Ironwood Daily Globe from Ironwood, Michigan on August 6, 1965 · Page 19
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Ironwood Daily Globe from Ironwood, Michigan · Page 19

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Ironwood, Michigan
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Friday, August 6, 1965
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Page 19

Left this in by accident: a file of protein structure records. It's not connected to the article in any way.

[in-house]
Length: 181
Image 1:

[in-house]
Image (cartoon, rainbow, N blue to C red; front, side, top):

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r.,,... C DAILY OD. MICHIGAN e State's Folkior Is Put to Music A chance encounter with a book entitled "Wisconsin Is My Doorstep" has led Dave Peterson, a staff member of the Wisconsin Idea Theatve, down a path that eventually resulted in the creation of an entertaining and unusual musical show called "Badger Ballads." The new musical show is an "historical hootenanny" that will take thfe audience on a musical excursion through Wisconsin's colorful history. "Badger Ballads" features folksongs and ballads that developed spontaneously in the state during the 19th Aug. 78-79 Overnight Women's C a in p will be held at the Gogebic County Extension Camp, Little Girl's Point, Wednesday and Thursday, Aug. 18-19. The camp is sponsored by the Qogebic County Home Economics Council but Is open to any Gogebic County women. Classes will be given in making pottery, by Carolyn Crowell; in creative stitchery and crewel embroidery, by Mrs. A. Rlgoni, in place mats and tote bags, by Mrs. W. K. Gray and Emma Hoeft, Bessemer. "Color Magic in the Homes, an Illustrated talk by Mrs. Irma Johnson, showing how to plan the color scheme of your home, built around a picture, wall paper or drapery fabric. composer of several muslca 1 s. Evening entertainment and was searching for American I relaxation for busy homemakers folklore on which to base a | who want a couple of days away play, j from household routines Is sche- "At that time." he admits, "my! duled Idea of folklore was limited to' F ° ] : m ,° r e 1 ", fo " nati ° n a n d vague recollections of Dan 1 e 1 ! registration, call the Coopera- Boone and Davy Crockett. ltl l j ve Extension Office by M o n- century. In i960, Peterson, author and never occurred to me that there might be folklore right here in Wisconsin. After reading "Wisconsin Is My Doorstep," Peterson r e a - lized that there is a great deal of Wisconsin lore, and that people like Robert Gard, author of the book and director of the Wisconsin Idea Theatre, had been writing on the subject for many years. Peterson then started a search that lasted five years. During that time he found hundreds of Wisconsin folk songs and b a 1- lands, some of which are being presented In "Badger Ballads." Peterson investigated m a n different sources In his search for folk songs. Included in the list are collections by poet Carl Sandburg, at one time a Milwaukee newsman; and Franz Rickaby, a music scholar who visited Wisconsin early in the 1900's in search of folk music. A University of Wisconsin School of Music study, under the direction of professors Helene Blotz and Leland Coon, also located a vast collection of native Wisconsin songs. Peterson also had help from Gard and L. G. Sorden, co-authors of "Wisconsin Lore," a book which contains a number of Wisconsin ballads. More than 20 songs are presented in "Badger Ballads," including songs about lumberjacks, the Civil War, the Great Lakes, immigrants, and other folks o n g s from Wisconsin's pioneer clays. In addition, two contempor a r y numbers are sung by their composers, Al Singer and Kent Toepfer, both cast members of "Badger Ballads." day, Aug. 9. {rrower must take sunnier st"" 11 ciiillniin aiU.1- tut' fiuweis lu:\»i: iallen. Make a six to eight-lnuu cutting from the steam branches and remove all the leaves except for one or two at the top. Then plant the cutting with half its length below the ground. Water the cutting and then invert a fruit jar over It. Leave the fruit jar on until next spring. Swenson believes it would be a good Idea to dust the end of the cutting With a plant grow t h hormone to speed up root growth. He says you can take fall cuttings after the stem is woody or hardened well. Cut the stems into eight to 10 inch lengths and remove all leaves. Plant the cuttings in a well-protected sunny spot with only the top bud above the ground. When freezing weather comes, cover the cuttings with several inches of mulch to keep the ground from freezing. Building Plans Now Available Entry Day at Fair Is Close just six more days and it will be entry day at the annual Gogebic County Fair, says Andrew F. Bednar, County Exten s i o n director. The official premium list ap- ' peared in last Friday night's 1s- i sue of the Daily Globe, No oth- ;er premium lists will be pub! lished so exhibitors and fair gq- ers are urged to save the Globe Fair Supplement of last Friday. July 30. Particular attention is ., „, f ™. *.„„« called to the rules and regula- are now available for Michigan tjons regarding exhibiting at the Two new building plans—one for a machinery shed and the other for a modern farm" shop— farmers. The first of these plans, published by the Midwest Plan Service, contains planning data to help locate a machinery shed on the farm, and shows construction details to assist in building a 30' x '90' open-front fair. The State Department of Agriculture, which pays half of the premium awards, requires strict adherence to the rules and regu- to abide by .forfeiture of and we can't affaord that, Now Is LA* for Soil Analysis Now Is the time to start thinking about getting soil samples taken and sent to the laboratory for analysis so that life and fertilizer can be ordered early this fall for your next spring's crop, says Andrew F. Bednar, County Extension director. Donald Thurlow, Michi g a n State University Soil specialist, Chatham, says the State S o 11 Testing Laboratory on the campus of Michigan State University now offers the following chemical analysis: The pH of the soil (which is a measure of the soil acidity); the lime requirement necessary to correct the soil acidity for maximum crop production of a specif i c crop; the pounds of phosphorus available for plant growth; and the amuonts of exchange potassium, calcium and magnesium present In the sample. Many of the acid sandy soils in the Uper Peninsula of Michigan are deficient in magnesium, according to Thurlow. He states that magnesium can .be supplied in many different fertilizer materials, but that the cheapest source of magnesium is dolomltic limestone. Dolomi- tic limestone is a material that contains both calcium and magnesium in the carbonate form. If your soil needs lime, i t should be spread evenly so that the treated field is completely covered and no strips or spots are left unlimed. Lime does not A recent report just released by the Wisconsin Department of Resource Development, s t a tes that approximately 30,000 sea- Seasonal Homes' injured ~ ~ .. Harm Alfalfa Boom Continues Many Wisconsin farmers are worried about their alfalfa fields After the first cut, some stands failed to grow back while others grew back slowly. A potassium deficiency In the plants is often the reason for i sonal dwellings were constructed this condition, says Dick Wiese, in Wisconsin during the 1950s so n n specialist at the University and the building boom is still on, > O f wiconsln. iron! Thi s problem began last win' ter when five to 75 per cent of the fields experienced wi n ter structed for recreational use or, injury. Much of this winter dam- were converted to such use. The age cou id have been reduced i figures include only the data if the alfalfa had been properly states H. W. Kinney, County resource agent. Most of these units \vere con- BULLWHIP ACT—Los Lara- bees, a clever boy and girl who demonstrate the "Whips of the Argentine," will appear on the free grandstand show at the Go- getaic County Fair here on Aug. 14 and 15. El Larabee is widely known for his complete mastery of the long rawhide bullwhip, cutting and snatching bits of paper and articles of clothing from the person of his partner. Frequently he invites any bold and daring member of the audience to join him on the stage to serve as target holders for the slashing lash. from rural non-farm areas not; cu t and fertilized the seasonal dwellings in urban wiese says. last fall areas. The 10 high counties in Wisconsin range from 22,270 such units up to 5,980 in Vilas County. Iron County is listed as having 1,060 seasonal cottages. This This spring's potassium deficiency was largely the result of injured root systems caused from winter damage. The i n - jured roots were unable to take up the soil potassium needed when warm weather pushed was an increase of 872 per cent j growth-rates upward, if your the 4-H Council, sponsors of the book, feel justly proud of their accomplishment. It sells for $4 and all proceeds will be used to promote 4-H and other youth activities on the range. The plat book is available at all the local banks on the range, the Register of Deeds office in Bessemer, B&J Hotel in Mar- from 1950 to 1960. The ratio of seasonal units to occupied units in Iron C o u nty was 43 per cent. Iron County tied with Bayfield, Marq u e tte, and Waushara Counties with this ratio and for 8th place in the state. The higher the ratio, the alfalfa stand is weak, topdress- ing with potassium fertilizer can still improve its vigor and put the plants in shape to survice another winter, states Wiese. Where alfalfa stands look good enough to keep, Wiese recommends topdressing with pota s slum. His first choice would be g r e a t e r the economic impact 1350 pounds per acre would be this phase of recreation has on - - - — - lations — failure them results in travel horizontally through the • enisco, Starks Cabins and Clems soil to any extent. Many patchy shed. The open front has 15' x says Bednar . 12' openings. Two 18' x 12' doors i Entr i e s are open only to resi- in the back wall and a 15 x i denls of Qogebic county the on- 12' door in one end wall provide easy access to building. all parts of the Annual Tour Is Saturday The sixth annual U.P. F a rm Management Tour will be held this Saturday, Aug. 7, in Marquette County. It will feature the farming business — full time and part time. The tour which will start at Watson at 10 a.m., will include stops at a dairy-potato farm, a beef cow- calf part time farm, A maple syrup part time farm and a full time dairy farm of 80 milk i n g cows. A noon day luncheon at the Wells School west of Watson will feature an outstanding speaker in the person of Professor John Doneth of M.S.U. His topic will be "Agriculture Behind the Curtain." County Extension Director Andrew F. Bednar, asks local farmers to make every effort to participate in the Farm Management Tour. Machinery cutouts of 37 typical fachines are included to assist in planning the size and arrangements of the building. A wall section for an optional insulated shop is also shown. The plan for the mach i n e r y shed can be obtained by ordering Plan No. 74142, Machl n e ry Shed, for $1 from the Extension Service Office at Ironwood, or write the Department of Agricultural Engineering, Michig a n State University, East Lansing. The second of these plans, for a farm shop, details a 30' x' 30' paved shop that provides a proper place for almost every tool. The plan contains advice on location, a floor plan of the shop, and construction details that are helpful in erecting the building. This plan shows the location of doors, windows, work areas and recommended storage areas for the tools and equipment. A 14 foot overhead door allows large equipment to be repaired inside the shop. The walls are shown as stud y exception is the Saddle Horse Race which is loca 11 y sponsored by the Fair Board and which perflts entries from our neighbors in Iron Cou nty Wis. Articles to be exhibl t e d must have been made or produced since last year's fair—exceptions are in the case of antique classes and the -livestock division. Copies of the Globe Fair Supplement containing the offici a 1 premium list are available at the County Extension Office, Ironwood. seedings are caused by poor workmanship or carelessness in spreading lime. Lime should be applied well in advance, preferably a year for such crops as barley, clover and alfalfa which have a high lime requirement. The lime should be plowed be plowed under or worked well into the surface plow layer. It is important not to apply excess amounts of lime as this may cause a reduction in t h e Cafe in Watersmeet and the County Extension Office in Ironwood. or pole, and details showing how to construct and insulate either type are included. This plan may also be obtained by writing by writing for Order Plan No. 74119, 30' x 30' Farm Shop, for $1 from county Extension Offices of MSU's Department of Agricultural Engineering. NFO Meeting To Be Monday The Gogebic County National Farmers Organization will hole a meeting Monday, Aug. 9, at 8 p.m. at the Ironwood Township Community Building. Members and all farmers in the area are asked to attend. A report on legislation being enacted in Washington that wil affect all farmers will be given that evening. A check totaling $88.50, proceeds from the dance held re cently, was sent to the Copper Peak Ski Flying Hill. Hostesses for the evening wil be Mrs. Edward Backman and Mrs. John Ruona. Hints to Rose Growers Given Most varieties of roses can be propagated from stem cuttings taken during the summer or t in the fall. Stuart K. Swenson, Iron County agriculture agent, says the HOME NEED A FACE LIFTING? •with Dollar Saving Special from Forslund's I 10 inch Spruce vD i SIDING For Garage and Barn Construction 160.007 GARAGE DOORS Complete with all glass and hardware 62.50 oach USB DAILY GLOBE WANT-ADS certain plant as manganese, availability of nutrients such boron, or zinc. The best way to assure a successful crop is not to guess, but soil test. Book on Land Is Available The new 1965 edition of t h e Land Book of Gogebic County is now available to the public The plat book lists ownership of property of 10 acres or more Andrew F. Bednar, C o u n t j Extension director, calls atten tion to the following features p the new plat book. An index map of Goge b i County, an alphabetical index o townships, an alphabetized busi ness directory, facts about land descriptions, an interest rate calculator, index to land own ers and a general highway map of Gogebic County. The 35 page of maps show clearly and dis tinctly who owns what and how much. All the new roads a well as the old logging trail are shown. It took six months to prepar and publish the plat book but i tures in habit. Sprayer Users Get Warning Don't use a sprayer for insec- icides after you have used it for 4-D. Disastrous results may occur unless the sprayer, has been properly cleaned, says Ron Doersch, agronomist at the Uni- rersity of Wisconsin. Small amounts of 2, 4-D left in ,he sprayer can severely damage crops or ornamentals, so it s vital that the sprayer be cleaned immediately after using. If the same sprayer is used for two operations, follow these rules: First, drain all the spray material from the sprayer and rinse it with water. Then flush the tank, pump, hose and nozzl e s with hot water plus one cup of tri-sodium phosphate or one cup of household ammonia per 10 gallons of water. Let this mixture stand overnight in the tank. In the morning, drain the mix- the county. Iron and Florence count i e s evidently had the largest percentage gain in this type of construction from 1950 to 1960. If this ratio of growth c o n - tinues, the county could soon be in the position of nearly doubling population during the summer months. A 1959 survey indicated that $75 million was spent annually in Wisconsin by cottage users. Wisconsin resident cott age users spent an average of $1,300 while non-residents spent about $1,500 annually. "All in all, it is quite a tidy sum and certainly these seasonal dwellings are a very important part of the state's recreation industry," said Kinney. ""The population continues to grow and the demand for these facilities will no doubt continue to increase in the years ahead.' he next best, and a 350 pound pplication of 0-10-13 would be third alternative. Growers must get this fertilizer on the .eld as soon as possible in or- er to provide a satisfact o r y wtassium supply to the plants nd minimize winter damage, Viese emphasizes. ture and rinse the sprayer out with water. Never use 2, 4-D in a sprayer with a wooden tank, Doersch cautions. The 2, 4-D will soak into the wood and will be impossible to remove. NO QUICK — CHANGE Heavy milking cows are easily upset by sudden changes in their daily routines. For more Tomato Plants Need To Be Well Watered Keep your tomato plants wel watered during dry periods. It is suggested that the plant; be watered whenever it hasn' rained for a week or 10 days Then, be sure you water well— until £he soil is moistened 12 t 18 inches down or more. It's best, to use furrow-typ irrigation in vegetable garden if the soil is not too sandy Make a 2-to 3-inch furrow be tween the rows and run Wate slowly from the garden hose un til soil if thoroughly soaked. Individual plants can be wat ered directly from a hose lai on the ground. Build a r i d g of soil around the tomato plant about 18 inches in radius an two to three inches high. L e the water from the hose trickl in. Fill three or four times. Su ficient water is especially im portant during July and August Resorts Need at Least 10 Units Today's resort owners can no easier make a good liveilh o o d with six or eight cottages than a farmer can with 20 cows. L. G. Monthey, University of Wisconsin travel and recr e a • tion specialist, says that while small farms are toppling under the enormous costs of mod e r tt machinery Investment, increasing land costs are forcing out the smaller cottage resort establishments, fle says good lake or river front property has been appreciating in value about 10 per cent a year since 1946. High e r land value spells greater taxes and higher fixed costs for the small resofter, who normally grosses only about $700 p«r cottage a year. But Monthey says higher land values need not spell doom for the small cottage resort owner. Gross yearly Income per housekeeping cottage can often be raised to $1,000 by modernizing and extending the season. Also, the number of cottages should be increased to at least 10, Monthey says. The average in most areas is now about seven. He points out that the small resort owner can also attempt to remain in business by Intensifying his business. This means offering more personal services, such as food services, guiding, car service, bait, gift shop and ther related "side businesses." Jig Pumpkin Contest : or Children Slated The second annual Big Pumpkin contest for youngsters under 16 years of age is underlay. The sponsor is the Men's Garden Clubs of America. The deadline for entering is Nov. i. Last year's winner of a $25 U.S. 'Savings Bond was Hilda Thompson of Pheba, Miss., who grew a 98-pounder with the new (Burpee) "Big Max' jumpkln seed. There are 15 other prizes. The grower must send a pic- ;ure of the pumpkin or curcur- bit and himself and certification of weight to George Spader, executive secretary, Men's Garden Clubs of America, Morrisville, N. Y. More dairymen are building their herds around highrproduc ing first lactation heifers o known quality. Research 1 backing up proof that they'l out-produce their herdmates in future lactations and they don' burn out. pecialist Says, 'Use Milkers Right Away' Most dairymen prefer to sttrt irst-calf heifers off with the machine at the first milking, regardless of the extent of swelling present. "Handle the heifer ently and quietly from the start," advises' Jack Little. Michigan State University dairy specialist of Chatham. "Sometimes it takes a little extra time and patience to do the job, but t will be worth it. If she frets quite a bit, have someone raise her tail while she is being milked. Do not let the machine on too long. It is important to prepare the udder before applying the machine. If possible, employ machine stripping rather than hand stripping." Good Cows Hike Income High producing dairy cows have a higher feed bill than their low-producing roommates. But don't let this comparison fool you. The high producers return more per hundred pounds of milk, reports Jack Little, MSU Extension dairyman for the Upper Peninsula. ~" •* ,. - £SW* I/C&J.IU VIWA AUgj V l**J *A**V* **i*(3 vtMV efficient milk production, nan- W hen the plants are full of fruit- die cows quietly and efficiently and tnere may ^ little ra inf a il. with few rapid changes in procedure. Cows are extreme crea- NEW DINETTE SPECIALS! 1 x Bit 1x12 White Fir Economy SHIPLAP 95.00 E 42 x 16" I GARAGE WINDOWS Complete with frame and hardware Only Only 12.75 each 2x4's 8 to 16ft. Lengths Economy Gradt M 85.00 * RED BARN PAINT NOW 3.75 gallon Titanium White OUTSIDE PAINT $495 gallon FORSLUND LUMBER IRONWOOD COMPANY DIAL 932-2311 Located Vt Mil* North of City Limit* on L»k« Road ESTIMAIEi Radio Dispatched 932-3540 Ready Mix Company Sand-Gravel-Stt«l Reinforcing Concrete ANYWHIRE A GUARANTEED Year-Round Penakee Mino Sit* lronwe«d Just received from the furniture mart. New styles, colors in dinettes. You'll, agree that these are the finest buys anywhere. Because we've made a special purchase, we're able to pass savings along to you of up to 23%. Don't waste a minute getting to Ketola's to make your selectionl MANY STYLES TO CHOOSE FROM Table and 4 Chairs... as low as S 54 RIClAf T INtW / CCTC Table and 6 chairs . . . Ot I O regular $95, now only $79 KETOLA'S Suffolk St. Ironwood Dial 932-1832 Font 0*rfe SOO/JU, t-Qatf MB*** SAUNQEST BUYS YET ON THE SELUNGEST FORDS YET- NOW AT YOUR LABYAK MOTOR SALES, INC. Ontonagon, Mich. EWEN MOTOR CO. INC., Ew«n, Mich. BESSEMER AUTO CO., Btssemer, Mich.